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Heavy Pot Use Tied to IQ Drop Reviewed by Robert Jasmer, MD; Associate Clinical Professor of Medicine, University of California, San Francisco and Dorothy Caputo, MA, BSN, RN, Nurse Planner Action Points Individuals repeatedly diagnosed with cannabis dependence during young adulthood had noticeable declines in IQscores by age 38, especially when the heavy use started in their teens. Note that the study findings are consistent with speculation that cannabis use in adolescence, when the brain is undergoing critical development, may have neurotoxic effects.[/background] Individuals repeatedly diagnosed with cannabis dependence during young adulthood had noticeable declines inIQ scores by age 38, especially when the heavy use started in their teens, researchers said. A small to medium decline in mean between tests taken on the eve of adolescence and again at age 38 was seen in those diagnosed at least three times with cannabis dependence, according to Madeline Meier, PhD, of Duke University, and colleagues, who reported on data from 1,037 participants in a New Zealand birth cohort. In the small group of participants who became cannabis dependent before age 18 -- a total of 23 cohort members -- the decline translated to an average of about 8 points, whereas 14 participants who also showed heavy cannabis use but only beginning in adulthood showed only a very small in full-scale scores (P=0.02), Meier and colleagues indicated online in Proceedings of the National Academy of Sciences. The researchers also reported that the size of the mean decline increased with the number of cannabis dependence diagnoses that participants had received in five evaluations conducted from ages 18 to 38 (P<0.0001 for trend). "Collectively, [the study's] findings are consistent with speculation that cannabis use in adolescence, when the brain is undergoing critical development, may have neurotoxic effects," Meier and colleagues wrote. Study participants were members of the Dunedin Multidisciplinary Health and Development Study. It attempted to track all children born in Dunedin, New Zealand, from April 1972 to March 1973 starting at age 3. At age 38, the investigators had data on testing and cannabis dependence diagnoses on 874 cohort members. Besides assessing cannabis use, the five structured interviews in adulthood also elicited information on use of other illicit drugs and alcohol. tests were conducted initially at ages 7 to 13 and again at age 38. Among participants included in the current analysis, 242 never reported cannabis use in the structured interviews nor were they ever diagnosed with dependence; 479 indicated some use but never received a diagnosis; and 80, 35, and 38 had received one, two, or three or more dependence diagnoses in the adult evaluations. Baseline mean scores were similar and close to the standardized population average of 100 in these cannabis-use subgroups. However, at age 38, the mean scores had diverged considerably. The change from baseline was as follows (P values not reported): Never used, never diagnosed: +0.80 Used, never diagnosed: -1.07 One diagnosis: -1.62 Two diagnoses: -2.47 Three or more diagnoses: -5.75 Meier and colleagues reported other changes over time in "standard deviation units," in which changes of 0.20, 0.50, and 0.80 should be considered small, medium, or large, respectively. For participants with three or more diagnoses, the change was -0.38 units. The researchers also stratified participants into two groups according to whether, at a given interview, they reported using cannabis at least once a week on average ("regular user"). Individuals classed as regular users at least three times in the study also showed the largest declines in between tests (mean -5.23 IQ points, -0.35 standard deviation units, P value not reported), whereas little change was seen in those never reporting regular use. Similar patterns were seen in subdomain scores. These small to medium declines were also seen in this participant group in tests of memory, processing speed, and executive function. Meier and colleagues sought to rule out potential confounding factors, taking educational attainment and use of alcohol and other drugs into account. When they restricted their analysis to 278 participants who did not get beyond high school, again those with three or more dependence diagnoses showed medium-level declines in (mean -0.48 standard deviation units) whereas those in the never-used, never-diagnosed category had essentially no change (mean -0.03 units, P=0.0009 for trend). The pattern also held up when the researchers excluded participants with persistent dependence on tobacco, alcohol, and "hard" drugs, and also those with diagnoses of schizophrenia. However, the strongest relationships between persistent dependence and decline applied to those who began heavy use in adolescence. Meier and colleagues suggested that, actually, the relationship between dependence and decline may be entirely driven by this group. The 23 participants with adolescent-onset dependence and at least three diagnoses overall showed a mean decline of about 0.53 standard deviation units, compared with a of about 0.13 among those with three diagnoses that all came during adulthood (P=0.02). Nonsignificant trends toward greater declines in were also seen in those teen-onset dependence but fewer total diagnoses of dependence. "In fact, adult-onset cannabis users did not appear to experience decline as a function of persistent cannabis use," Meier and colleagues wrote. They cautioned that their data did not prove that heavy cannabis use actually caused the decline. "There may be some unknown 'third' variable that could account for the findings. The data also cannot reveal the mechanism underlying the association between persistent cannabis dependence and neuropsychological decline," they wrote. They also acknowledged that their data relied on self-report of cannabis use, without confirmation from blood or urine testing. But these caveats did not stop them from speculating on causal mechanisms and the implications of a causal relationship. Meier and colleagues noted that animal studies as well as theories of neural development during adolescence support a neurotoxic effect of cannabis in the young adult brain. Moreover, they argued, their findings should inform public health programs. "Prevention and policy efforts should focus on delivering to the public the message that cannabis use during adolescence can have harmful effects on neuropsychological functioning, delaying the onset of cannabis use at least until adulthood, and encouraging cessation of cannabis use particularly for those who began using cannabis in adolescence," they wrote. Duke University, in a press release, was even less circumspect in a press release headlined, "Adolescent pot use leaves lasting mental deficits." Its first sentence claimed that "the persistent, dependent use of marijuana before age 18 has been shown to cause lasting harm to a person's intelligence, attention and memory" in the study. The Dunedin cohort study was funded by the New Zealand Health Research Council. The current analysis was supported by the U.K. Medical Research Council, the U.S. National Institutes of Health, and the Jacobs Foundation. No potential conflicts of interest were reported. Primary source: Proceedings of the National Academy of Sciences Source reference: Meier M, et al "Persistent cannabis users show neuropsychological decline from childhood to midlife" Proc Natl Acad Sci USA 2012; DOI: 10.1073/pnas.1206820109.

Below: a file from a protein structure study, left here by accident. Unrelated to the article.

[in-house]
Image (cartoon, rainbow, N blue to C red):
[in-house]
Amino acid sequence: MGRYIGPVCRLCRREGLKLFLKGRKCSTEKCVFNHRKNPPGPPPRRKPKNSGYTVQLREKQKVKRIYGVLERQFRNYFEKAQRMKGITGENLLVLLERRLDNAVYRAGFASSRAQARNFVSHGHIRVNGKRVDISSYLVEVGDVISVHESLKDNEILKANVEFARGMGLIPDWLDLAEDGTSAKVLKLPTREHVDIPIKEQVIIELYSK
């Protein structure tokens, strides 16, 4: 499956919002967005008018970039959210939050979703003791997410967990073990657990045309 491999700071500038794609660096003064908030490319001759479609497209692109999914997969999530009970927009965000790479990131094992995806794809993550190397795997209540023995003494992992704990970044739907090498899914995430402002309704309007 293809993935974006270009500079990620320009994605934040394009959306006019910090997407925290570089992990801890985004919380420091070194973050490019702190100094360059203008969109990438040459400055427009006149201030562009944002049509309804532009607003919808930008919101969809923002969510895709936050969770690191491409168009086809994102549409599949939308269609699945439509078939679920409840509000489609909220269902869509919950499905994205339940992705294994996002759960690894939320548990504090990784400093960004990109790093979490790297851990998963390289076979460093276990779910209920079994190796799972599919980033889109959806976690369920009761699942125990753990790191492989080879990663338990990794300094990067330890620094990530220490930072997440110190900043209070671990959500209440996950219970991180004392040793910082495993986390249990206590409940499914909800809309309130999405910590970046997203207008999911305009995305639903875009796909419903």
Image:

Number of Babies Born Addicted to Painkillers Has Tripled in the Last Decade http://gawker.com/5906530/number-of-babies-born-addicted-to-painkillers-has-tripled-in-the-last-decade Missing from this discussion is mention of a scientifically proven non-toxic medicine that has proven to not have any negative effects on new born babies. It is called cannabis. Jamaican Study of Pregnant Mothers Shows That Marijuana Doesn’t Harm Newborns http://ireadculture.com/2011/06/news/smoking-marijuana-pregnancy/ Back in the '80s and '90s hospitals saw a surge in babies born addicted to crack, but the last decade has been all about babies born addicted to painkillers. Babies who are hooked on Vicodin or Oxycontin experience neonatal abstinence syndrome. It's the same for babies addicted to heroin, but prescription drug abuse is on the rise. The number of pregnant women who used or abused narcotic painkillers increased fivefold from 2000 to 2009, his study found. These mothers now account for 5.6 out of 1,000 hospital births a year, the study found. As CDC researcher Andreea Creanga notes, it's not that more pregnant women are using drugs — it's that more of the pregnant women who use drugs are using prescription painkillers. Babies born addicted to these drugs are treated with methadone for withdrawal symptoms. In the meantime, they cry a lot and are generally miserable. The study's author Stephen Patrick describes it "like a colicky baby times 10." There is some speculation that pregnant women don't realize prescription drugs can hurt their fetuses, since the drugs are legal. But painkillers are prescribed for use with pain, not for good times. And not to be a total killjoy, but the number of overdoses from prescription pain meds also tripled (from 1991 to 2007). Pregnant or not, be careful with your opiates. Jamaican Study of Pregnant Mothers Shows That Marijuana Doesn’t Harm Newborns http://ireadculture.com/2011/06/news/smoking-marijuana-pregnancy/ By Janelle Stone It’s almost too taboo to discuss: pregnant women smoking marijuana. It’s a dirty little secret for women, particularly during the harrowing first trimester, who turn to cannabis for relief from nausea and stress. If you were to inquire about pot and pregnancy on the Web, Baby Center offers a strongly worded warning from Gerald Briggs, pharmacist clinical specialist. Briggs says that pot affects the baby’s growth and development and—gasp!—may even cause childhood leukemia. But there are no facts or studies attributed to back up the claims. More than 50 pages of comments were posted to the site about Briggs’ statements. Some proclaimed the virtues of smoking marijuana while pregnant, offering proof of healthy children and stories of functioning during pregnancy thanks to cannabis. Other comments viciously showed disdain for pregnant patients, resorting to name-calling. Pregnant women in Jamaica use marijuana regularly to relieve nausea, as well as to relieve stress and depression, often in the form of a tea or tonic. In the late 1960s, grad student Melanie Dreher was chosen by her professors to perform an ethnographic study on marijuana use in Jamaica to observe and document its usage and its consequences among pregnant women. Dreher studied 24 Jamaican infants exposed to marijuana prenatally and 20 infants that were not exposed. Her work evolved into the book Women and Cannabis: Medicine, Science and Sociology, part of which included her field studies. Most North American studies have shown marijuana use can cause birth defects and developmental problems. Those studies did not isolate marijuana use, however, lumping cannabis with more destructive substances ranging from alcohol and tobacco to meth and heroin. In Jamaica, Dreher found a culture that policed its own ganja intake and considers its use spiritual. For the herb’s impact when used during pregnancy, she handed over reports utilizing the Brazelton Scale, the highly recognized neonatal behavioral assessment that evaluates behavior. The profile identifies the baby’s strengths, adaptive responses and possible vulnerabilities. The researchers continued to evaluate the children from the study up to 5 years old. The results showed no negative impact on the children, on the contrary they seemed to excel. Plenty of people did not like that answer, particularly her funders, the National Institute on Drug Abuse. They did not continue to flip the bill for the study and did not readily release its results. “March of Dimes was supportive,” Dreher says. “But it was clear that NIDA was not interested in continuing to fund a study that didn’t produce negative results. I was told not to resubmit. We missed an opportunity to follow the study through adolescence and through adulthood.” Now dean of nursing at Rush University with degrees in nursing, anthropology and philosophy, plus a Ph.D. in anthropology from Columbia University, Dreher did not have experience with marijuana before she shipped off for Jamaica. The now-marijuana advocate says that Raphael Mechoulam, the first person to isolate THC, should win a Pulitzer. Still, she understands that medical professionals shy from doing anything that might damage any support of their professionalism, despite marijuana’s proven medicinal effects, particularly for pregnant women. CASE CLOSED Dr. Melanie Dreher’s study isn’t the first time Jamaican ganja smoking was subjected to scientific study. One of the most exhausting studies is Ganja in Jamaica—A Medical Anthropological Study of Chronic Marijuana Use by Vera Rubin and Lambros Comitas, published in 1975. Unfortunately for the National Institute of Mental Health’s Center for Studies of Narcotic and Drug Abuse, the medical anthropological study concluded: “Despite its illegality, ganja use is pervasive, and duration and frequency are very high; it is smoked over a longer period in heavier quantities with greater THC potency than in the U.S. without deleterious social or psychological consequences [our emphasis].”